Friday, March 14, 2014

`Dazzling Rays of Compassion'

I knew a poet in upstate New York who taught writing at a Catholic college. We shared more dislikes (Wordsworth, James Baldwin) than likes (he: Gina Berriault; me: Saul Bellow), though he agreed to my suggestion that he give Kipling’s stories another try. He also claimed to detest Nabokov’s work (he called it “cruel,” despite the unspeakably sad final meeting of Humbert and Mrs. Richard T. Schiller). To his credit, he made an exception of Speak, Memory, agreeing it was the finest memoir in the language. I’ve only just learned that the poet, four years my junior, died some months ago. We hadn’t exchanged words in ten years, but not out of bitterness or indifference. He loved words, and for him I’ve chosen three memorable ones from Speak, Memory, a lexical bouquet: 

Umbellifer: “The Swallowtail of June 1906 was still in the larval stage on a roadside umbellifer.” 

Plants of the order Umbellifer√¶, possessing umbellate flowers. Carrots, parsley, dill and fennel are umbellifers, each with an inflorescence of short flower stalks called pedicels, radiating from a central point like the spokes of an umbrella. Nicely, the OED’s first citation for the adjective form is from the naturalist John Ray’s Select Remains (1705): “I observed, creeping upon the Ground, a small umbelliferous Plant.” The foreword to Lolita is attributed to the fictional John Ray Jr., Ph. D. 

Purl: “When that pearly language of hers purled and scintillated.” 

The OED gives my favorite etymology:  “Origin uncertain.” As a noun, in knitting it means a “stitch which is the inverse of the knit stitch.” In a joke that’s probably incomprehensible today, Steve Allen used to say: “Knit one, Purl Bailey.” As a verb, it carries over its meaning from knitting and lacework, but here is the sense Nabokov probably intended: “To utter with a soft, murmuring sound.” The sound is the sense. Purl: a lovely word.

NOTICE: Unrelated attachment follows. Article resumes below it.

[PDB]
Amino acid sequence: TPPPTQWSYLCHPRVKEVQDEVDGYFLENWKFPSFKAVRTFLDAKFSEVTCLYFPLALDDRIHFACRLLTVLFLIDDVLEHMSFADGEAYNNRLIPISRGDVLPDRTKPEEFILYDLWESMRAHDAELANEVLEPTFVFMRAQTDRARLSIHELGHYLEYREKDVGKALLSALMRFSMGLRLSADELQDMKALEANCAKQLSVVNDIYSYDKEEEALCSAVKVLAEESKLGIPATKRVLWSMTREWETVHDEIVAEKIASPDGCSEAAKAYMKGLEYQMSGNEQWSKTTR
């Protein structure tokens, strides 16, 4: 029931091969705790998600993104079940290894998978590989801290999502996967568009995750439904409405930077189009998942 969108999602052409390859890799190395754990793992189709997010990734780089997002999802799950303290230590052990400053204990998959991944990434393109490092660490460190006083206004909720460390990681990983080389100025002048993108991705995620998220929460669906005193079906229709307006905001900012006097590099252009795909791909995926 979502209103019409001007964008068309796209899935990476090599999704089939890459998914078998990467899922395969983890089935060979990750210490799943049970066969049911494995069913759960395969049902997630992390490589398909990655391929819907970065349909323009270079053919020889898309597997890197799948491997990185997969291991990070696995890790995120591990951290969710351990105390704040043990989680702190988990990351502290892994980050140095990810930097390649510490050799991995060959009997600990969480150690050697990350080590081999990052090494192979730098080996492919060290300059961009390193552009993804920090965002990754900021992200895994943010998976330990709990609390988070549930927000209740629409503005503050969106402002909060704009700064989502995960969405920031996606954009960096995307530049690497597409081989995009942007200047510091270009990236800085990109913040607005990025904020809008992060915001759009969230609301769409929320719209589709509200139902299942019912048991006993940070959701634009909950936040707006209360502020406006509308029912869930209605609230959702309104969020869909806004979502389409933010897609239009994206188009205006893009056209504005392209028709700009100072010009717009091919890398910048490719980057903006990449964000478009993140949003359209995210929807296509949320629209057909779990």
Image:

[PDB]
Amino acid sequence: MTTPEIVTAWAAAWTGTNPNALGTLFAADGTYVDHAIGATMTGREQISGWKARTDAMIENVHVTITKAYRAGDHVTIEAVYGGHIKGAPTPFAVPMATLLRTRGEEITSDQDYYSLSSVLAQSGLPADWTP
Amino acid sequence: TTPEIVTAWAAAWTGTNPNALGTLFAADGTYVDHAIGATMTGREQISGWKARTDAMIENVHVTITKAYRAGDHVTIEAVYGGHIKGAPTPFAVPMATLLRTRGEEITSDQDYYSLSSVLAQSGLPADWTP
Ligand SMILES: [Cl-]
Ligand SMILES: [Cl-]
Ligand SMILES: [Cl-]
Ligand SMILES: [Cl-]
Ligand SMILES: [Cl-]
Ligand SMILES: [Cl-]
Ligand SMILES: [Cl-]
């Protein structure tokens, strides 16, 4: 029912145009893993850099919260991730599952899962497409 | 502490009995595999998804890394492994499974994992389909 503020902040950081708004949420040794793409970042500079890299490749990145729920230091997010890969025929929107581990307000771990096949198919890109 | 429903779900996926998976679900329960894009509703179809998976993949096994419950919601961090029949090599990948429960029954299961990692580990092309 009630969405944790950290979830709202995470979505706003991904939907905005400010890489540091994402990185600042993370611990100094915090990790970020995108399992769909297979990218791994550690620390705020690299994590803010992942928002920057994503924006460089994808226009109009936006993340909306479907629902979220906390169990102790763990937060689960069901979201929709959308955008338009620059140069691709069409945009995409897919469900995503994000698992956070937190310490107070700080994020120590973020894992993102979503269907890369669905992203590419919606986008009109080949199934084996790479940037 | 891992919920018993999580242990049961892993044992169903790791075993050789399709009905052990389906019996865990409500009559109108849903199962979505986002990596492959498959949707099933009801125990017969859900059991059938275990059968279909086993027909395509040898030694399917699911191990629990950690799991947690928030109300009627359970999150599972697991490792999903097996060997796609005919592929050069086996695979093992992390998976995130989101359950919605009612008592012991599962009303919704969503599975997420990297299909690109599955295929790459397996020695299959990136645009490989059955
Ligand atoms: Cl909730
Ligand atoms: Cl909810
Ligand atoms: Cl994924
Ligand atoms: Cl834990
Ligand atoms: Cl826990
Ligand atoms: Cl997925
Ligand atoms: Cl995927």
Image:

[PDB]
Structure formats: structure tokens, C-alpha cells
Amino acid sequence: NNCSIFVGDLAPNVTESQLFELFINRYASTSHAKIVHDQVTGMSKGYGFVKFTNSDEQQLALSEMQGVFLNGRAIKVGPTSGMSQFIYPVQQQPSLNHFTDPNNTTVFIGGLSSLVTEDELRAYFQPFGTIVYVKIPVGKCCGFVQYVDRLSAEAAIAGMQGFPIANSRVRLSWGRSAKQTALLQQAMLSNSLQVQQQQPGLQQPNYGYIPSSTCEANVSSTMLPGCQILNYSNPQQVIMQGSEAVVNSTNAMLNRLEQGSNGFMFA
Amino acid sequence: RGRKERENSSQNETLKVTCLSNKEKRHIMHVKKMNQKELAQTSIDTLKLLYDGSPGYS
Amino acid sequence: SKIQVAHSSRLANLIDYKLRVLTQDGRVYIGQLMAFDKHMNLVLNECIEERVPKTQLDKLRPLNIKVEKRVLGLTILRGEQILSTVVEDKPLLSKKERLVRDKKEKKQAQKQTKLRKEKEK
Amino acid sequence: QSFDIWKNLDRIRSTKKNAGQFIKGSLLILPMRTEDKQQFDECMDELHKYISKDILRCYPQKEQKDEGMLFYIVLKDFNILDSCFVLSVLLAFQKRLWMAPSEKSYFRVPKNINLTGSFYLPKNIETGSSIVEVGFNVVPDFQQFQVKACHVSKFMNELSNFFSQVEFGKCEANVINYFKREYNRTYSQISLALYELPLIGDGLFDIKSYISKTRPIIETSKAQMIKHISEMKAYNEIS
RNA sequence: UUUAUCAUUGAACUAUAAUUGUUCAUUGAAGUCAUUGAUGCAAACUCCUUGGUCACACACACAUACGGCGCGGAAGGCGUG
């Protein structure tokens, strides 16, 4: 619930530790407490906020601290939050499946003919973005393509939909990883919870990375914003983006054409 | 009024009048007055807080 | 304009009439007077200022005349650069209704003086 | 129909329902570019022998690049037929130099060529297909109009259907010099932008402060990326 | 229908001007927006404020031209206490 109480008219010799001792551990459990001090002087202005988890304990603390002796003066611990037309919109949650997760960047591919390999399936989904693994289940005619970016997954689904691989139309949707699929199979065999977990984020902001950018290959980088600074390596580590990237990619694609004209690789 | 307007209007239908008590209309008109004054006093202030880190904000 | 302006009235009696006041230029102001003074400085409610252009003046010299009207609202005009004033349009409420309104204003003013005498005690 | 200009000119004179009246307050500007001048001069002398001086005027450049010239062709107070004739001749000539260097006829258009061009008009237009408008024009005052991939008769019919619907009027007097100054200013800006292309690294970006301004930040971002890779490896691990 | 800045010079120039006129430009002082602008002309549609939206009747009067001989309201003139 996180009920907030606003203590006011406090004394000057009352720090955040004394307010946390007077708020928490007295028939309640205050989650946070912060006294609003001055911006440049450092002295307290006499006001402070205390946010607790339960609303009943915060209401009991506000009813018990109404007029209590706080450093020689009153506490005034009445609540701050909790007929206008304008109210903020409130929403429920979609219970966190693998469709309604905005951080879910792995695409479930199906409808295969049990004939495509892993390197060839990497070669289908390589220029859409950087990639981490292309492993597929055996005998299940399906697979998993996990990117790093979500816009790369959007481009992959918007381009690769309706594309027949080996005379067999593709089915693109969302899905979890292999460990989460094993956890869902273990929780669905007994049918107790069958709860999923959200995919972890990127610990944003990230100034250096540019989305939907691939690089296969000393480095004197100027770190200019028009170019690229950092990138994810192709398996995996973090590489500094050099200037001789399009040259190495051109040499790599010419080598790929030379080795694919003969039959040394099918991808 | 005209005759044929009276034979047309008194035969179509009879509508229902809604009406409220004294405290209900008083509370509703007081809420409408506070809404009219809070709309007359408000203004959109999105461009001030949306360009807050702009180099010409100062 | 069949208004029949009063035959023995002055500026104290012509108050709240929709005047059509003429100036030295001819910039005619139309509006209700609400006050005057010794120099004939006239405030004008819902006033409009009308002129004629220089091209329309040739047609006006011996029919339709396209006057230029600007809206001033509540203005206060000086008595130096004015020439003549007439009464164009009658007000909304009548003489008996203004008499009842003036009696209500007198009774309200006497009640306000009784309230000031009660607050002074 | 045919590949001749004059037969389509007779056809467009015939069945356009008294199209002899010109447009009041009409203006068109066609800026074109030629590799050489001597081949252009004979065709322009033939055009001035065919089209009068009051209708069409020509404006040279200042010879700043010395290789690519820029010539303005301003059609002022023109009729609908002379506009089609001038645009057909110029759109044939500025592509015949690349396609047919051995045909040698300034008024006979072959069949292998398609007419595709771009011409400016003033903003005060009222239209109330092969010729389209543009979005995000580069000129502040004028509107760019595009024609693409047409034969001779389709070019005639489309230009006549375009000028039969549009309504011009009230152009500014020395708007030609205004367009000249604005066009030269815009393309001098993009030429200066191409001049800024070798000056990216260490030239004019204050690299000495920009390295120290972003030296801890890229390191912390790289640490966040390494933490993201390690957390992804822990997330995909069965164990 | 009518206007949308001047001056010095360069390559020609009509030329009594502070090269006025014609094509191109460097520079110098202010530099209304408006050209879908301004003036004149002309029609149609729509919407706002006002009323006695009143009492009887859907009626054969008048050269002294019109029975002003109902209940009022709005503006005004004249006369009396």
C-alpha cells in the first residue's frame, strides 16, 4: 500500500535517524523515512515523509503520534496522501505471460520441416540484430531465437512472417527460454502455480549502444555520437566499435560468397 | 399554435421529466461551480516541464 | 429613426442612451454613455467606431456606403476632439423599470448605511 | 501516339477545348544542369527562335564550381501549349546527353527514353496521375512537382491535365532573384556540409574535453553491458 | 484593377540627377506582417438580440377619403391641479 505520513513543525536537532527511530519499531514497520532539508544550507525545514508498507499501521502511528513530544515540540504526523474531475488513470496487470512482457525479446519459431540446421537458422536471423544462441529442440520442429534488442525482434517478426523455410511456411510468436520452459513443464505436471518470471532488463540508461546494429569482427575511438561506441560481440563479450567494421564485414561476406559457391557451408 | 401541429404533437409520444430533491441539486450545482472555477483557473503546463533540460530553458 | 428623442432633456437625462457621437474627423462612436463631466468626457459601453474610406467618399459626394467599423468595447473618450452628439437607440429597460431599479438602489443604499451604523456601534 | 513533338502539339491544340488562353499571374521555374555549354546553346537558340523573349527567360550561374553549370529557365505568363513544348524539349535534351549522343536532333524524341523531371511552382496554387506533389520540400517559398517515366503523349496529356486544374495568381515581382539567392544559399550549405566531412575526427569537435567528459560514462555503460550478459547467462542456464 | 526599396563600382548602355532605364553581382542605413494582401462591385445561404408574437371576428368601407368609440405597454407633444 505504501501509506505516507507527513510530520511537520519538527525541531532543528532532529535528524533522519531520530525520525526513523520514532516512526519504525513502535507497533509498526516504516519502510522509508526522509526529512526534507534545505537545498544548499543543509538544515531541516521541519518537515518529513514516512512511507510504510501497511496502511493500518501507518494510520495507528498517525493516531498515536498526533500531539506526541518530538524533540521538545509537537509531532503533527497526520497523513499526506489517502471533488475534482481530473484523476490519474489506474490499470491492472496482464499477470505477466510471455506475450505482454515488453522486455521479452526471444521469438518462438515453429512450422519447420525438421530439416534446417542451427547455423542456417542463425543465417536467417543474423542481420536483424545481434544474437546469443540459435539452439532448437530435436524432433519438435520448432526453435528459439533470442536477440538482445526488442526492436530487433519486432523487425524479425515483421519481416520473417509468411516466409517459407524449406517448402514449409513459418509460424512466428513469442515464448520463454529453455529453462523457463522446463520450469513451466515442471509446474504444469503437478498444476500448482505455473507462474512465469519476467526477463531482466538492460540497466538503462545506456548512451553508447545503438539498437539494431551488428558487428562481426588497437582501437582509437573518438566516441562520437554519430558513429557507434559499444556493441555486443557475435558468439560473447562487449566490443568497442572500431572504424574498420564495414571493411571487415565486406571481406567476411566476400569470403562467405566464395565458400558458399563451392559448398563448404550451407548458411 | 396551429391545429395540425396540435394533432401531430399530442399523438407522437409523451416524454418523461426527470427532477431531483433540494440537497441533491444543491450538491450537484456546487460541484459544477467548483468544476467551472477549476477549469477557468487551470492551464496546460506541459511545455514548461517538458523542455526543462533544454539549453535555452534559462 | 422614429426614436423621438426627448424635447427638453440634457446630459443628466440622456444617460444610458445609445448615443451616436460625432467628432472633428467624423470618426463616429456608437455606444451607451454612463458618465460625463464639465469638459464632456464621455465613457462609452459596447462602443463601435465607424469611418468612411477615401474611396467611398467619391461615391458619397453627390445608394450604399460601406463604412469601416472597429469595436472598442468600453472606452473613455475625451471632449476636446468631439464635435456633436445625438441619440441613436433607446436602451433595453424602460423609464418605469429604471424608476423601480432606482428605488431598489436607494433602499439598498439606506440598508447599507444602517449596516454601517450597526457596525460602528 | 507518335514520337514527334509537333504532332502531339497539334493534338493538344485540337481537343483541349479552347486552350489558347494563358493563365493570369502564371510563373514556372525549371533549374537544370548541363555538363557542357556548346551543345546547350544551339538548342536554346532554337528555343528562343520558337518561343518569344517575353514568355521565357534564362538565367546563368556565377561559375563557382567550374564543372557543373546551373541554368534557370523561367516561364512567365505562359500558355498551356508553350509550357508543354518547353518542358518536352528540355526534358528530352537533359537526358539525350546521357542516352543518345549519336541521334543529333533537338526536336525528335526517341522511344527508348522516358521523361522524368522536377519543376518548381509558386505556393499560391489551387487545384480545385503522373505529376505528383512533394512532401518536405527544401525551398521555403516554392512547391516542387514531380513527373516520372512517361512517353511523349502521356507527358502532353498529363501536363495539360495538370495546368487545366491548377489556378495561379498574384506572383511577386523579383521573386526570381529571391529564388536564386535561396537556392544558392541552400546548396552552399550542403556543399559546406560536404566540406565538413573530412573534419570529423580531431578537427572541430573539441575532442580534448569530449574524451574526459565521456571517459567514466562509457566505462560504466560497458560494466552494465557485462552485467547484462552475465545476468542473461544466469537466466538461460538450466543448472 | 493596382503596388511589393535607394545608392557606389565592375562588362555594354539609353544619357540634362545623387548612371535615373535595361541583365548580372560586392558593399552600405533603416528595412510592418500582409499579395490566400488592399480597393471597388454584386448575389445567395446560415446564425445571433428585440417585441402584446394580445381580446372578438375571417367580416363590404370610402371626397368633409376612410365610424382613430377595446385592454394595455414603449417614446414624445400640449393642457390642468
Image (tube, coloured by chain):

Lambency: “I had nothing—except one token light in the potentially refulgent [another choice word] chandelier of Mademoiselle’s bedroom, whose door, by our family doctor’s decree (I salute you Dr. Sokolov!), remained slightly ajar. Its vertical line of lambency (which a child’s tears could transform into dazzling rays of compassion) was something I could cling to, since in absolute darkness my head would swim and my mind melt in a travesty of the death struggle.” 

In phonetic terms, a word beginning with a lovely alveolar lateral approximant, meaning “being lambent or shining with a clear soft light like a flame.” In Modern Painters, Ruskin gives us: “The soft lambency of the streamlet.” The OED offers a rare derivative usage: “brilliance and delicate play of wit or fancy,” and cites a writer, Robert Louis Stevenson (from Prince Otto: A Romance, 1885), much admired by Nabokov: “A man of great erudition and some lambencies of wit.” 

Stevenson’s phrase fits my old acquaintance pretty well, especially when lambencies of wit usurped his Midwestern earnestness.

No comments: